In the UK there have been regular plans to build waste incinerators which have always failed because locals near where they were planned always made the same arguments “what if they burn something hazardous” “the smell will be unbearable” and so on. Often it seems to be just a case of “not in my back yard” a phrase that afflicts so many development plans in our country. Though in the past many incinerators in this country haven’t had the best record for cleanliness.
Such plants were generally only for waste disposal but in northern mainland Europe they think differently about their waste.
As Gizmodo reports Norway’s capital, Oslo, has a waste problem – they don’t have enough. Half of the city’s population is powered and warmed by rubbish. In the area there are 400 waste-to-energy plants converting household waste, industrial scrap and even medical waste into power. Northern Europe produces about 150 millions tonnes of burnable waste to feed plants that were built to take 700 million tonnes and now they’re looking to import waste from other countries – the UK for example exports about 1,000 tonnes annually.
The plants operate in a similar way to fossil fuel power stations: burning fuel to heat water into steam to drive turbines and they’re between 14 to 28 percent electrically efficient but they also use the waste gasses to heat water and then condense the fumes to produce biogas used in metro busses. What remains is ash and some remaining gas, contaminants and toxins tend to be destroyed in the process.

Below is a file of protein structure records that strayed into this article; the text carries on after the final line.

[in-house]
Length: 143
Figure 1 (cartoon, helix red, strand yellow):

The system clearly works yet were still cramming more and more waste into landfills. Our local councils’ recycling schemes help with reducing the level of dumped waste but actually using the waste as a resource instead of something to be buried, out of sight, out of mind until the area is eventually redeveloped into a combined recreation area/ticking time bomb of methane-fuelled fury would be even better. There are waste-to-energy plants in this country, such as the one pictured above, but really we need to get behind this concept on a wider scale.
But again we come up against the nimbys who want power plants to be out of sight, out of mind too, preferably large, fossil fuelled, pollution spewing and far, far away, in someone else’s back yard. The thing is that many smaller plants, although costly in setup, could eventually reap benefits for us all – cheaper electricity, cheaper heating and less trash heaps.
We’re demanding more and more power but we’re not willing to pay the price financially or in terms of our urban landscape. Designers can make even the most industrial of buildings look attractive so the argument against the plants comes back to the idea that “they’re burning dirty waste near my home” – but as the Oslo example shows that argument is becoming, well, rubbish.